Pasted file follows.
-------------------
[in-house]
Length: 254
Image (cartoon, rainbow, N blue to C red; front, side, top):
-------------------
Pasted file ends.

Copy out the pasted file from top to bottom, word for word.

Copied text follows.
[in-house]
Length: 254
Image (cartoon, rainbow, N blue to C red; front, side, top):